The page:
Zakat: Meaning, ruling and benefits
May 06 2021 10:33 PM

The literal meaning of “Zakat” is purity. Its Islamic technical meaning designates the annual amount of wealth, food, property, etc. which a Muslim with the adequate means must distribute among the rightful beneficiaries.
Zakat is a remarkable institution and a major pillar of Islam. Allah, Almighty, Says (what means): “And establish the Prayer, and pay Zakat (the poor due)...” [Qur’an, 2:43]
Moreover, Zakat is an obligatory act because it is one of the pillars of Islam: The Prophet, sallallaahu ‘alaihi wa sallam (may Allah exalt his mention), said: “Islam was built upon five (pillars): ‘The testimony that none has the right to be worshipped but Allah and that Muhammad is the Messenger of Allah; the establishment of the prayer; paying the obligatory charity (Zakat); pilgrimage to the House (Haj to the Ka’bah in Makkah) and fasting (the month of) Ramadan.”’ [Al-Bukhari and Muslim]
Zakat is a small portion of the Muslim’s wealth that must be given to the poor or to other specified beneficiaries. Whoever claims that Zakat is not obligatory and refuses to pay it, is not a Muslim, but a Muslim who refuses to pay Zakat due to stinginess, while affirming its obligation, has committed a great sin for which one will be severely punished.
Allah, Almighty, Says (what means): “...and as for those who hoard treasures of gold and silver, and do not spend them for the sake of Allah, announce unto them a painful torment. On the Day when that [hoarded wealth] shall be heated in the Fire of Hell and with it will be branded their foreheads, their flanks, and their backs, (and it will be said unto them): ‘This is the treasure which you hoarded for yourselves. Now taste of what you used to hoard.’” [Qur’an 9: 34-35]
He, Almighty, also Says (what means): “And let not those who covetously withhold of that which Allah has bestowed on them of His bounty (wealth) think that it is good for them (and so they do not pay Zakat). No, it will be worse for them; the things which they covetously withheld will be tied to their necks like a collar on the Day of Resurrection...” [Qur’an 3:180]
There is no equivalent in any other language to the word “Zakat” and the meaning it conveys. It is not just a form of charity, or alms-giving or tax or tithe. Nor, is it simply an expression of kindness; it is all of these combined and much more. It is a duty enjoined by Allah and a source of purification for the individual and society as a whole.
He, Almighty, Says (what means): “Take from their wealth ‘sadaqah’ (Zakat) in order to purify them and sanctify them with it.” [Qur’an 9: 103]
Zakat benefits the society in many ways. Here is an explanation of the far-reaching effects of it:
1. Zakat purifies the individual and his wealth. The status of his wealth is increased with Allah and in turn, he will be rewarded. When a person becomes liable for paying Zakat, a certain percentage of his wealth should be distributed immediately in the correct manner, because at that point, the wealth which is to be distributed does not belong to him. If this wealth is retained, it spoils the status of all of his wealth.
2. Zakat does not only purify the property of the one who gives it, it also purifies his heart from selfishness and greed. In return, it purifies the heart of the recipient from envy and jealousy, and it fosters in his heart good will and warm wishes toward the contributor. As a result, the rich and poor of society are bound together as a unit, working together and helping one another.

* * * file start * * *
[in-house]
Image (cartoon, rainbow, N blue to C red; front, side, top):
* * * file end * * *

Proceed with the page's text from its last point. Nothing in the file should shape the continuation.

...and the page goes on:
3. Zakat decreases the sufferings of the needy and poor members of society, however, those in need should not depend on it completely.
4. Zakat is an effective means of developing the spirit of social responsibility on the part of the well-to-do, and the feeling of security and belonging on the part of the underprivileged.
5. Zakat is a clear manifestation of the spiritual and humanitarian interactions between the individual and society. It is a sound illustration of the fact that though Islam does not hinder private enterprise or condemn private possessions, it does not tolerate selfish and greedy control of wealth and property. It is an expression of the general philosophy of Islam which adopts a moderate and effective course between the individual and society.
In conclusion, we mention a calling by Allah, Almighty (what means): “O You who believe! Shall I lead you to a bargain that will save you from grievous suffering [in this world and in the life to come)? You are to believe in Allah and His Messenger and strive hard in Allah’s cause with your possessions and your lives: this is for your own good – if you had known it.” [Qur’an, 61: 10-11]
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The eligible recipients of Zakat
Allah Almighty classifies the eligible recipients of Zakat under eight categories. He, Almighty Says (what means): “Zakat expenditures are only for the poor and for the needy and for those employed to collect [Zakat] and for bringing hearts together [for Islam] and for freeing captives [or slaves] and for those in debt and for the cause of Allah and for the [stranded] traveller – an obligation [imposed] by Allah. And Allah is Knowing and Wise.” [Qur’an 9: 60]
The following is the list of the eight categories of eligible people with a brief definition of each one:
1. The Poor:
The poor is a person who does not have sufficient wealth to fulfil his needs and the needs of his dependents, such as food, drink, clothing and housing. He may be considered poor (according to his situation) even though he may possess the minimum amount required for payment of Zakat (i.e. Nisab).
2. The Needy:
The needy (Miskeen) may be someone whose level of poverty is more than the poor or less than him. However, their ruling is the same in all matters. These poor and needy can have decent houses and clothes and yet be considered poor and needy if they do not possess their basic essential needs. The Messenger of Allah, sallallaahu ‘alaihi wa sallam (may  Allah exalt his mention), defined the Miskeen in some narrations as: “The Miskeen is not the one who goes around among the people (begging) maybe receiving a morsel or two, and a date or two. Rather, the Miskeen is the one who does not have enough wealth to suffice him, however he does not let others know about it in order to be given charity and he does not stand and beg people.” [Al-Bukhari]